Leaders from a group of consumer and industry organizations were unanimous yesterday in condemning FDA Commissioner Robert Califf for his plan to restructure the agency.
To a person, the leaders said they were disappointed with Califf’s plan, which he said a month ago and again yesterday would include the creation of an “empowered” deputy commissioner for foods.
While Califf’s plan does include the creation of that post, it continues to have three separate divisions reporting directly to the FDA commissioner, continuing the silo and matrix situation that the industry and consumer groups say endangers the public in terms of food safety.
Roberta Wagner from the Consumer Brands Association said her years of experience at the Food and Drug Administration showed her that the matrix approach does not work for the food side of the agency. She said instead of taking the advice from an external review by the Reagan Udalll Foundation and recommendations from an internal FDA review, Califf is choosing to go with the status quo.
“The commissioner must relinquish control,” said Wagner.
Brian Ronholm of Consumer Reports, who served in the USDA’s Food Safety and Inspection Service for part of his career, said with Califf’s new plan the agency is failing to take a straightforward approach to problems identified in the two reviews Wagner referenced. Ronholm said the plan set forth by Califf repeatedly refers to an empowered deputy commissioner of foods but fails to give that post the ability to take control of and responsibility for the food side of the agency.
“The deputy commissioner must have direct authority,” Ronholm said, “but two-thirds of the food safety budget is not under the purview of the deputy commissioner (under this plan).”
Ronholm said it is not a question of if, but when, there will be another food safety crisis such as was seen a year ago with infant formula when problems with the chain of command came to full light.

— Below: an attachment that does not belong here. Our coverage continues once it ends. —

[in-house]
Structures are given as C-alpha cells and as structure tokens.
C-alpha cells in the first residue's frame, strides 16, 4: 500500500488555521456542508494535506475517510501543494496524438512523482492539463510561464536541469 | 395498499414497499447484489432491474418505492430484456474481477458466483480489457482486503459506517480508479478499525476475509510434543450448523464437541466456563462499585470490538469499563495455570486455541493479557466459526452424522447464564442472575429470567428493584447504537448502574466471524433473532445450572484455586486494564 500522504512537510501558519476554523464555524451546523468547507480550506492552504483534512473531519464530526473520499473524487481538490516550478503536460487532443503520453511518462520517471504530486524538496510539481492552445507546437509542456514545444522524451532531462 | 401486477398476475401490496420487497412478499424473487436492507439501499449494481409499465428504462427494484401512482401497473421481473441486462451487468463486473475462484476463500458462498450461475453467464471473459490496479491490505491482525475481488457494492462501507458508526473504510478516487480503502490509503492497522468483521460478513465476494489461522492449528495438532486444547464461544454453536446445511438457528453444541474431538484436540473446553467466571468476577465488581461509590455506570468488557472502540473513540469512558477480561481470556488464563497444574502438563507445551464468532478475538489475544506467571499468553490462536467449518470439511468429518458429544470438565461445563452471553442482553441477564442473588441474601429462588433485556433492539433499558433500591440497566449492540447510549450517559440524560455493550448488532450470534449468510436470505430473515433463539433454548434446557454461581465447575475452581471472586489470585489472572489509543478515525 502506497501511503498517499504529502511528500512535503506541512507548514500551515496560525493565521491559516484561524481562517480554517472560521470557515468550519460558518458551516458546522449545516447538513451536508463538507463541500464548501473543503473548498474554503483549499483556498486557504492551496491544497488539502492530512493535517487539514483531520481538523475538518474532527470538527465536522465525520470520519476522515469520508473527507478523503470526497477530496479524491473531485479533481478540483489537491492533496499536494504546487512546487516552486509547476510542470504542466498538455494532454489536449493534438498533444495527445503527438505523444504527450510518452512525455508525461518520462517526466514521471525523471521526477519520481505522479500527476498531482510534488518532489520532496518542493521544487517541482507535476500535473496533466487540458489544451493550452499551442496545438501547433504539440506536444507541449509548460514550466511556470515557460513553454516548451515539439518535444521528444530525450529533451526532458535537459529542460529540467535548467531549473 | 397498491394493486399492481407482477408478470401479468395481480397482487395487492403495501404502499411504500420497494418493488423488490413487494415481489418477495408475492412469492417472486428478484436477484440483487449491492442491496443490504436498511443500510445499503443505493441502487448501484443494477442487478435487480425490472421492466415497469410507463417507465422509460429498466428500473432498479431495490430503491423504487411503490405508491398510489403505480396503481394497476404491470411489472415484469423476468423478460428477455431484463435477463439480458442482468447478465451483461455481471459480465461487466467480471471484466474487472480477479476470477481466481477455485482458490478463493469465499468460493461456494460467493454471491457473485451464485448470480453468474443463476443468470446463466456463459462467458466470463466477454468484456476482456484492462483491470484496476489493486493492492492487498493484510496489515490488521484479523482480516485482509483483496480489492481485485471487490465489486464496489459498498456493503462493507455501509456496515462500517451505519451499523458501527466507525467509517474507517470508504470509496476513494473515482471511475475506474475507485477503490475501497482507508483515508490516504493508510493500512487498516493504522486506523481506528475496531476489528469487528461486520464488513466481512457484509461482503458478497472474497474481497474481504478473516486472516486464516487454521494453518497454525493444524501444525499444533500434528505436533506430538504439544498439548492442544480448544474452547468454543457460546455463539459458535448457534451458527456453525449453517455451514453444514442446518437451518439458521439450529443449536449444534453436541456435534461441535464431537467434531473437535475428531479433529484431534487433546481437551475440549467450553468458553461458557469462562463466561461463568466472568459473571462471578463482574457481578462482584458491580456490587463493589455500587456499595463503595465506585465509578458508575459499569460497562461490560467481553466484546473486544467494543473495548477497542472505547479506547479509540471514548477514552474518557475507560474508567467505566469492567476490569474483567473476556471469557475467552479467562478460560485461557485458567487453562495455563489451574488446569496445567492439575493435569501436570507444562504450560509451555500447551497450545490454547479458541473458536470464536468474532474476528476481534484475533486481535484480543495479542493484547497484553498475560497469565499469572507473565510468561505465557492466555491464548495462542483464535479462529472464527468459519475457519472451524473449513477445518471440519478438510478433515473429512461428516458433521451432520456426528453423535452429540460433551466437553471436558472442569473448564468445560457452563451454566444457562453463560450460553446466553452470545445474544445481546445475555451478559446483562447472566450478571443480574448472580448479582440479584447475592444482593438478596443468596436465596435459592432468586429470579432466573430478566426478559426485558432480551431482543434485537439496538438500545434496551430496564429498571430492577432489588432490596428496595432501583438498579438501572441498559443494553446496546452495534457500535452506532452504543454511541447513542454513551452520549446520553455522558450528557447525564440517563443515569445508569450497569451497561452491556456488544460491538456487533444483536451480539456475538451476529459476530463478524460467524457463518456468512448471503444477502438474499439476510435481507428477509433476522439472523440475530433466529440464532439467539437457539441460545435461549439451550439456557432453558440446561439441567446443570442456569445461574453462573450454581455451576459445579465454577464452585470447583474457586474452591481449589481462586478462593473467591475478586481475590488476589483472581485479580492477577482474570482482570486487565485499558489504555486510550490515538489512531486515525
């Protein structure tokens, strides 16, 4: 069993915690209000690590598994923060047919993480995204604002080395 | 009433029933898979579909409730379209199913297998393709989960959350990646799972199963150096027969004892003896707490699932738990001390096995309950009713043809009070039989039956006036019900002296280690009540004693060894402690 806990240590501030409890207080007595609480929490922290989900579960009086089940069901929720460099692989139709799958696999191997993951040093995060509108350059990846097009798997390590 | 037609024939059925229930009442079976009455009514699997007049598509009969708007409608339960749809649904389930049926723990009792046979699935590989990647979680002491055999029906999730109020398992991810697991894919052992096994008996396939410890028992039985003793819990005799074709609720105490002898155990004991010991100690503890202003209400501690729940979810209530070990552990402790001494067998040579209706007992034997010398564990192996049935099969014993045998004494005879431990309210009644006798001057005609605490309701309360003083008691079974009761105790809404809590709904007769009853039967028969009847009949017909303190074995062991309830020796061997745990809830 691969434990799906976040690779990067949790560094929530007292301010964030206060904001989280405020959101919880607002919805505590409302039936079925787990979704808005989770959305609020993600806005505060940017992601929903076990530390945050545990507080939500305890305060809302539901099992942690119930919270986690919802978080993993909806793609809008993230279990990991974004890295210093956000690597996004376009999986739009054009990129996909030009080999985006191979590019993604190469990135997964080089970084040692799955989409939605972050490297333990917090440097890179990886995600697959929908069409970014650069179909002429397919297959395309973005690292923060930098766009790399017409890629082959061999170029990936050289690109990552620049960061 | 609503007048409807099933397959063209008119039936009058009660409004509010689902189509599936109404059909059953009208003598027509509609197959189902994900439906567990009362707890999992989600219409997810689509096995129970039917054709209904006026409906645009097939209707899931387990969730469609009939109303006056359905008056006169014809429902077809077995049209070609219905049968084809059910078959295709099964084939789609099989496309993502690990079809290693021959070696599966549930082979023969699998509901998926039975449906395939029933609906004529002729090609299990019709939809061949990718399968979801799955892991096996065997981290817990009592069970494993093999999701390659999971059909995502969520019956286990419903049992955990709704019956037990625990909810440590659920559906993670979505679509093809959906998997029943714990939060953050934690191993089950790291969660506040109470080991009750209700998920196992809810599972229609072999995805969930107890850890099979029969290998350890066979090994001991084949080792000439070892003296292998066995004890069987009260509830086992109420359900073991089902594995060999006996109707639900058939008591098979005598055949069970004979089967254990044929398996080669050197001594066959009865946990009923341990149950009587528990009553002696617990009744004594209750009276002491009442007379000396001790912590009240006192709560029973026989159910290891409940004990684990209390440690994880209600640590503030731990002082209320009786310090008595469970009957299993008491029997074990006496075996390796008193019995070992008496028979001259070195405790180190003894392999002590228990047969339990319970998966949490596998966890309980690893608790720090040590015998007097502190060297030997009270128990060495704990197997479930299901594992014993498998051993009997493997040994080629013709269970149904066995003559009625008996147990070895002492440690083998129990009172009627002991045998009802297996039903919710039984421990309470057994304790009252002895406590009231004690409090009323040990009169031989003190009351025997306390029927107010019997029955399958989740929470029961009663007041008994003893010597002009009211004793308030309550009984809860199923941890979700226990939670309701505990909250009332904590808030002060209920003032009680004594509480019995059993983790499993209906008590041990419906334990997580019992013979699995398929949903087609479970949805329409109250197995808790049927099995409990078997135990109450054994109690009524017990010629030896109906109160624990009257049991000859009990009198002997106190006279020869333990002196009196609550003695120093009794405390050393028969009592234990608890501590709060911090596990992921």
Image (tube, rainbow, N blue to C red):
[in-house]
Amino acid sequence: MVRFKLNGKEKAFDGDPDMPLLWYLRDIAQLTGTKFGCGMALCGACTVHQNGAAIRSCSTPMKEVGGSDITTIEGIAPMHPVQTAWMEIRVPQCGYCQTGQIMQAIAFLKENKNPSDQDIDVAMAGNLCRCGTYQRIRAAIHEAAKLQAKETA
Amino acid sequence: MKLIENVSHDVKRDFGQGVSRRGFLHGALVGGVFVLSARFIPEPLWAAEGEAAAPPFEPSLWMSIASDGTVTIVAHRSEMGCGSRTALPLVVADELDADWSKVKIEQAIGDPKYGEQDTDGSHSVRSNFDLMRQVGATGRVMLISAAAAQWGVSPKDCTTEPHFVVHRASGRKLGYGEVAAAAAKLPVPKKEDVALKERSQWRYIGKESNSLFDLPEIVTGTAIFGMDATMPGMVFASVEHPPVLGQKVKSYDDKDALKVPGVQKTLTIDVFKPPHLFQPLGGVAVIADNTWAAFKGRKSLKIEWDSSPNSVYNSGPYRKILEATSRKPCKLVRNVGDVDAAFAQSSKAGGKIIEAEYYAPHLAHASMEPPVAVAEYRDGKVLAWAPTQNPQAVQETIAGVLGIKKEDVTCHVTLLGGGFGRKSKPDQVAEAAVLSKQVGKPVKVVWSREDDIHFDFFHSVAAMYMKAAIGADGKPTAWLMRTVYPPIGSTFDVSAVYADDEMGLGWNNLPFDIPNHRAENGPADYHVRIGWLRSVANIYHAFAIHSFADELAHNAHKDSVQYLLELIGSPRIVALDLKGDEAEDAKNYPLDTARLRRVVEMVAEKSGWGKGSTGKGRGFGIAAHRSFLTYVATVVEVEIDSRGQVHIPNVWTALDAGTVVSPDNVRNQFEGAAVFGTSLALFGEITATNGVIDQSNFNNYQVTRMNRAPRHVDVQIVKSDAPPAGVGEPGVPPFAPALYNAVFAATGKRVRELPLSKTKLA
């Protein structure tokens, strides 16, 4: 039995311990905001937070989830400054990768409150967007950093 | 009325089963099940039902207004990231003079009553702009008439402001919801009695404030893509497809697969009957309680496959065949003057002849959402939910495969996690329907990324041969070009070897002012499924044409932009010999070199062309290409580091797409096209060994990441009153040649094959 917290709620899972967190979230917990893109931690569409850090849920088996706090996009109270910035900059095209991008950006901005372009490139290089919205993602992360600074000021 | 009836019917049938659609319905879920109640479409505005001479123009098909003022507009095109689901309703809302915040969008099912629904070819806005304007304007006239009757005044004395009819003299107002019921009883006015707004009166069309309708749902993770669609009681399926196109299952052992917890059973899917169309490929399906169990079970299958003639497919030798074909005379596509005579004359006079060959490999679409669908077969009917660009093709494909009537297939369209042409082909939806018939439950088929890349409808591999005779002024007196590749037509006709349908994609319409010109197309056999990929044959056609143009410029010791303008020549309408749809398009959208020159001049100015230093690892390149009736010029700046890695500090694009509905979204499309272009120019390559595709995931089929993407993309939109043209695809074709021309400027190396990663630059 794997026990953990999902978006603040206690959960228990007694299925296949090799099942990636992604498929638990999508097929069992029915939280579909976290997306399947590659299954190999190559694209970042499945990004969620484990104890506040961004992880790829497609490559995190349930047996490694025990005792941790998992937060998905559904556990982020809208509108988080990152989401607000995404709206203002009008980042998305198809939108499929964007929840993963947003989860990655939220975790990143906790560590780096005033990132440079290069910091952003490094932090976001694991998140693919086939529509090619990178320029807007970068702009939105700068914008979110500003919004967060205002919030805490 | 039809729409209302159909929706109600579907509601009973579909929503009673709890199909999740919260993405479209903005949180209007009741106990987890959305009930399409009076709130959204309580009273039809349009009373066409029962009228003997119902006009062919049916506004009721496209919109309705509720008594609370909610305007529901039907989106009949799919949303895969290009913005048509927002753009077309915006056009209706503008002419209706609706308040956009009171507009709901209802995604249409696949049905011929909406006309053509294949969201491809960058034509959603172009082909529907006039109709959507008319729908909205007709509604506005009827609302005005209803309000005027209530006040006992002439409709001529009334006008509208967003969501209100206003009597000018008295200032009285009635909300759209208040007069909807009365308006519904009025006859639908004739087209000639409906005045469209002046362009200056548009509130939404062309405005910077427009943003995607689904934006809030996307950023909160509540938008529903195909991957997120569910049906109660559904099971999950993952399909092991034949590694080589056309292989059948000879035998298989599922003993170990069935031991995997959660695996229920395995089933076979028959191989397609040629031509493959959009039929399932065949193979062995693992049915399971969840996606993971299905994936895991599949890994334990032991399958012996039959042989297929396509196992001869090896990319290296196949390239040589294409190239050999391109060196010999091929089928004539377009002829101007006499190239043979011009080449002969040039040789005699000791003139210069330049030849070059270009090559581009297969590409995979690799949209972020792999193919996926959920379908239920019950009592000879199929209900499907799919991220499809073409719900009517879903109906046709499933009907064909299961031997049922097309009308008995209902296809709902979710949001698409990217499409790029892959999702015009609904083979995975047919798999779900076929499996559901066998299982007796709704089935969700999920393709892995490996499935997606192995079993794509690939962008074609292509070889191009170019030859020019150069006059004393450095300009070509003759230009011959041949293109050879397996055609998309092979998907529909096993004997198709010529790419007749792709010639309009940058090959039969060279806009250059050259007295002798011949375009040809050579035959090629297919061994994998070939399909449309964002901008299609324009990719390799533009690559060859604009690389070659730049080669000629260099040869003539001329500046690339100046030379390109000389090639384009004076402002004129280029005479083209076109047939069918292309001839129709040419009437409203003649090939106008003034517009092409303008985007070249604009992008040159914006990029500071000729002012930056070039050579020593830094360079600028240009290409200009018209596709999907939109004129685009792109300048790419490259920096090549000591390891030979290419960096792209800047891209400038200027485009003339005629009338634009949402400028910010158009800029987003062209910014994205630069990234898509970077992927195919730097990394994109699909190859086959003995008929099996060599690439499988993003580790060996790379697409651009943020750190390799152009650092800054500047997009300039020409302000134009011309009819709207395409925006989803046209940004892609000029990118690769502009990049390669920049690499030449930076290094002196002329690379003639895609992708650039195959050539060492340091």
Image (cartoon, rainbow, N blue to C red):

Mitzi Baum of STOP Foodborne Illness also referred to the infant formula crisis, which not only showed how a lack of a clear chain of command allowed a situation to continue that saw two babies die, but also led to months long shortages when a manufacturing plant was eventually shut down for investigation and cleaning.
“This is the one-year anniversary of the infant formula crisis yet the commissioner continues to defy the advice (called for in the reviews),” Baum said.
Baum also called on the commissioner to be proactive in implementing changes outlined in the Food Safety Modernization Act. Calif has not mentioned the Act in his plans.
Steven Mandernach, leader of the Association of Food and Drug Officials, said Califf’s plan to add a deputy commissioner of foods is what is needed, but that the commissioner is going exactly in the opposite direction despite his promises. Mandernach said that the rough draft of a job description for the deputy commissioner post will make it impossible to recruit anyone qualified for the job.
“They will think ‘what am I getting into,’” he said.
Mandernach also pointed to the lack of urgency shown by Califf in his handling of the situation. It has taken a year so far for a bare bones plan to be developed and Califf said the FDA won’t be able to publish anything on it until at least fall. Then more reviews will be needed before the plan would be enacted.
“That’s two years before any change,” Mandernach said.
From the industry side, representatives from the American Frozen Food Institute (AFFI) and the International Fresh Produce Association (IFPA) were in lock step with the consumer advocates in terms of the impotent deputy commissioner post described by Califf.
Donna Garren of AFFI said she was disappointed in the commissioner’s plan and that it will allow FDA to continue to operate by committee instead of introducing a clear line of command and the authority to make decisions that a truly empowered deputy commissioner would have.
“It just kicks the can down the road to the fall,” Garren said.
Jennifer McEntire of IFPA had almost identical comments. She said the commissioner had the opportunity for a litmus test but didn’t take it. She repeated what every other panelist had said regarding the lack of a clear chain of command under Califf’s plan.
Ronholm said there is bipartisan support for a deputy commissioner of foods and that the concept has been “gift-wrapped” for Califf.
“Still, the FDA is not acting on it,” Ronholm said.
In the past month, Califf met with members of the coalition of consumer and industry groups, but those members said the meeting wasn’t productive. Ronholm said rather than the meeting being an exchange of ideas, it was a situation where the government “just told us” how things would be.
Garren echoed Ronholm’s comment saying that the commissioner has said he wants their input but is keeping them at arm’s length.
“We deserve a seat at the table instead of being the meal on the table,” she said.
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